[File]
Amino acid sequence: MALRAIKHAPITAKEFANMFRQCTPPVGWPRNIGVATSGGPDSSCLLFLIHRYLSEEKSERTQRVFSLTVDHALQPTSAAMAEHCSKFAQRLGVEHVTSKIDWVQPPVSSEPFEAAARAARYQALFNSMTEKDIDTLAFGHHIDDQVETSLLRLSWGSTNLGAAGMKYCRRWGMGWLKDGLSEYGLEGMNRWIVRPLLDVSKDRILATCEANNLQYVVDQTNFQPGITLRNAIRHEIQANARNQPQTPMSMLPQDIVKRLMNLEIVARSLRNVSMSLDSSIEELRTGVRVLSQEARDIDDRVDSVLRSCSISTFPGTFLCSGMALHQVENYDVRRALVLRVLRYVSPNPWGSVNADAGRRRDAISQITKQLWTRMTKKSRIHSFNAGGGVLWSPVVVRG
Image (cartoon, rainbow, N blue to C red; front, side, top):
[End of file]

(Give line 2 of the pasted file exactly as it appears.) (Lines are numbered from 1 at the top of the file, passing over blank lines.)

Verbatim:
Image (cartoon, rainbow, N blue to C red; front, side, top):